Data privacy concerns have undoubtedly spiked during the pandemic due to new categories of identifiable personal data being collected from employees. Given this rise in accumulated personal information, data privacy law has the potential to be implicated, owing to the collection and disclosure of employees’ confidential personal information.
Due to COVID-19, many employers gathered and collected personal employee data as it relates to managing the risks from the pandemic. Accordingly, employers essentially became the primary custodians of employee personal information and adjusted their work policies and practices to protect various forms of identifiable data. Personal information includes data that directly identifies an individual’s name, address, social security number, gender, race, birth date, and geographic location. Even though the collection of personal information was undeniably critical for workplace health and safety at the onset of the pandemic, the reality is that if it is not collected and stored appropriately, employers could assume the risk of violating data privacy laws. In a post-pandemic world, the concern could shift to whether the workplace practices for personal information collection should be modified from their current procedures.
To date, there are federal laws that restrict employers from disclosing confidential information of employees such as the Americans with Disabilities Act (ADA), the Equal Employment Opportunity Commission (EEOC), and the Health Insurance Portability and Accountability Act (HIPPA). Some states have taken an additional step to create laws that further address the violation of data privacy while other states have adopted a wait and see approach. No matter the action (or inaction) of states, it is increasingly clear that as we continue to address the pandemic, more complex laws will become necessary to protect and address employee data privacy concerns. The pandemic has shown us that state lawmakers need to go a step further.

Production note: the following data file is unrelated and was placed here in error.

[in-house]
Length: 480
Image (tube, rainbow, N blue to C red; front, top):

State legislatures should pay careful attention to the actions of California and New York. In January 2020, California implemented the California Consumer Privacy Act (CCPA) which provided California residents with the right to request and control the personal information that businesses collect from them. The CCPA includes an employee information exemption until January 1, 2023. This exemption temporarily excludes employees from most of the CCPAs protection which could become worrisome in a post-pandemic world. However, under the CCPA, employers are still mandated to provide employees with notice of the personal information they collect.
Another state that followed suit was New York. Made effective in March 2020, the New York SHIELD Act added new data security provisions which mandate the implementation of policies and safeguards that protects data. Due to the broad nature of the Act, it applies to all companies holding New York resident data. A business that is not compliant with the Act faces great legal liability, which essentially forces the entity to adequately protect the personal data of New York residents and employees.
As we anticipate a post-pandemic world, it will be crucial that more states follow the example of California and New York, implementing new state data privacy laws. Doing so would broadly provide necessary protection to individuals and employees.
Lashania White is a third-year law student at Wake Forest University School of Law. She holds a Bachelor of Laws from the University of the West Indies and a Master of Laws from Wake Forest University School of Law.